The viral vector of the invention can express one or more activities. In this latter case, the viral vector will include as many sequences of heterologous nucleic acid as activities to be expressed, preceded by one .or several promoters, or by a promo-

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ter and various ribosome recognition sites (IRES, internal ribo-some entry sites), or by various promoters and one ribosome recognition site.
Therefore, the invention provides a method for producing a product of interest that comprises cultivating a host cell that contains a viral vector of the invention under conditions that allow the heterologous nucleic acid to be expressed and the product of interest to be recovered. Said host cells that contain the viral vector of the invention constitute an additional object of the present invention.
The viral vector of the invention can be designed so that its species specificity and tropism can be easily controlled. Due to these- 'characteristics, a very interesting application of the viral vectors of the invention is their use in gene therapy as a vector of the gene of interest, or as a vaccinal vector to induce immune responses against different pathogens.
The invention furthermore provides vaccines, capable of protecting an. animal against the infection caused by an infectious agent, that comprise (i) at least one viral vector of the invention that expresses at least one antigen suitable for inducing an immune response against said infectious agent, or an antibody that provides protection against said infectious agent, along with, "optionally, (ii() a pharmaceutically acceptable excipient.
In the sense used in this description, "inducing protection" should be understood as the immune response of' the receiving
i
organism (animal to be immunized) induced by the viral vector of the invention, through suitable mechanisms such as that induced by substances that potentiate cellular response (interleukins, interferons, etc.), cellular necrosis factors, and similar substances that protect the animal from infections caused by infectious agents.
Included under the term "animal" are all animals of any species,

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The term "infectious agent" in the sense used in this description includes any viral, bacterial, fungal, parasitic, or other infective agent that can infect an animal and cause it a pathology.
In one particular realization, the vaccine provided by this ,invention comprises at least one viral vector of the invention that expresses at least one antigen capable of inducing a systemic immune response and/or an immune response in mucous membranes against different infectious agents that propagate in respiratory or intestinal mucous membranes. The vectors of the invention are quite suitable to induce immunity in mucous membranes as well as lactogenic immunity, which is of special interest in protecting newborns against intestinal tract infections .
In another particular realization, the vaccine provided by this invention comprises at least one viral vector of the invention that expresses at least one gene that codes for the light and heavy chains of an. antibody of "'.-any isotype (for example, IgGl IgA, etc.) that protects against an infectious agent.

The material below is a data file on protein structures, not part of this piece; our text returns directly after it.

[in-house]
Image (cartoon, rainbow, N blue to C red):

Species specificity can be controlled so that the viral vector may express the S protein of the envelope of a coronavirus that infects the desired species (man, dog, cat, pig, etc.), suitable to be recognized by the cellular receptors of the corresponding species.
The vaccines provided by this invention can be monovalent or multivalent, depending on whether the viral vectors of the invention express one or more antigens capable of inducing an immune response to one or more infectious agents, or one or more antibodies that provide protection against one or. more infectious' agents,
In a particular realization of this invention, monovalent vacci-

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nes capable of protecting man, pigs, dogs and cats against different infectious human, porcine, canine, and feline agents are provided, and tropism is controlled by expressing the S glycoprotein of the coronavirus with the desired species specificity.
The monovalent vaccines against porcine infectious agents can contain a vector that expresses an antigen selected from the group consisting essentially of antigens of the following porcine pathogens: Actinobacillus pleuropneumonias, Actinobacillus suis, Haemophilus parasuis, porcine parvovirus, Leptospira, Escherichia coli, Erysipelotrix rhusiopathiae, Pasteurella mul-tocida, Bordetella bronchiseptica, Clostridium sp., Serpulina hydiosenteriae, Mycoplasma hyopneumoniae, porcine epidemic diarrhea virus (FEDV), porcine respiratory coronavirus, rotavirus, or against the... pathogens that cause ' porcine respiratory and reproductive syndrome, Aujesz'ky' s disease (pseudorabies) , swine influenza, or transmissible gastroenteritis', and the etiological agent of atrophic rhinitis and proliferative ileitis. The monovalent vaccines against canine infectious agents can contain an expression vector that expresses an antigen ;selected, from the group essentially consisting of antigens of the following canine pathogens: canine herpes viruses, types 1 and 2 canine adenovirus, types 1 and 2 canine parvovirus, canine reovirus, canine rotavirus, canine coronavirus, canine parainfluenza virus, canine influenza- virus, distemper virus, rabies virus, retrovirus, and canine calicivirus.